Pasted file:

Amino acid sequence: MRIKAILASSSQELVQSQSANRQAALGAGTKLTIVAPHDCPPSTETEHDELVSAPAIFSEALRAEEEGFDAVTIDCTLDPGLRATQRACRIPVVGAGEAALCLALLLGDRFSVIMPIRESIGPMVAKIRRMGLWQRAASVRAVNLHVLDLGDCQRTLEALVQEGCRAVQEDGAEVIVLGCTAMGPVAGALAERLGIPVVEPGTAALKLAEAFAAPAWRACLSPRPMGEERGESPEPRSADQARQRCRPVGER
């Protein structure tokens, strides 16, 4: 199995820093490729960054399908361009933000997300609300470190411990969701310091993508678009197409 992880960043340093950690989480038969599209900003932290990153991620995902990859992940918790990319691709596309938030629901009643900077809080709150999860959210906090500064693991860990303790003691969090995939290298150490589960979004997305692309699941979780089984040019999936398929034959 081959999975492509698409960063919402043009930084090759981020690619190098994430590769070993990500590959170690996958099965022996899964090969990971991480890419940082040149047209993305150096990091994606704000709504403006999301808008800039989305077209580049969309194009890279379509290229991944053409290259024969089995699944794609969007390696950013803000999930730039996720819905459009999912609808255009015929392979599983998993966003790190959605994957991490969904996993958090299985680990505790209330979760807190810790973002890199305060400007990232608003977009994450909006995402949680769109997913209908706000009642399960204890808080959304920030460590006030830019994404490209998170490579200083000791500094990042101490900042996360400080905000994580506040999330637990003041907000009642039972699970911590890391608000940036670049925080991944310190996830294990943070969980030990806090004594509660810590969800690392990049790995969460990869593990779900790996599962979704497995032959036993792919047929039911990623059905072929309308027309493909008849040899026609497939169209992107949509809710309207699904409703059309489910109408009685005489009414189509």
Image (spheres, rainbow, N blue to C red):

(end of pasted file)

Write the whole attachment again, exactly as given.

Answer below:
Amino acid sequence: MRIKAILASSSQELVQSQSANRQAALGAGTKLTIVAPHDCPPSTETEHDELVSAPAIFSEALRAEEEGFDAVTIDCTLDPGLRATQRACRIPVVGAGEAALCLALLLGDRFSVIMPIRESIGPMVAKIRRMGLWQRAASVRAVNLHVLDLGDCQRTLEALVQEGCRAVQEDGAEVIVLGCTAMGPVAGALAERLGIPVVEPGTAALKLAEAFAAPAWRACLSPRPMGEERGESPEPRSADQARQRCRPVGER
């Protein structure tokens, strides 16, 4: 199995820093490729960054399908361009933000997300609300470190411990969701310091993508678009197409 992880960043340093950690989480038969599209900003932290990153991620995902990859992940918790990319691709596309938030629901009643900077809080709150999860959210906090500064693991860990303790003691969090995939290298150490589960979004997305692309699941979780089984040019999936398929034959 081959999975492509698409960063919402043009930084090759981020690619190098994430590769070993990500590959170690996958099965022996899964090969990971991480890419940082040149047209993305150096990091994606704000709504403006999301808008800039989305077209580049969309194009890279379509290229991944053409290259024969089995699944794609969007390696950013803000999930730039996720819905459009999912609808255009015929392979599983998993966003790190959605994957991490969904996993958090299985680990505790209330979760807190810790973002890199305060400007990232608003977009994450909006995402949680769109997913209908706000009642399960204890808080959304920030460590006030830019994404490209998170490579200083000791500094990042101490900042996360400080905000994580506040999330637990003041907000009642039972699970911590890391608000940036670049925080991944310190996830294990943070969980030990806090004594509660810590969800690392990049790995969460990869593990779900790996599962979704497995032959036993792919047929039911990623059905072929309308027309493909008849040899026609497939169209992107949509809710309207699904409703059309489910109408009685005489009414189509």
Image (spheres, rainbow, N blue to C red):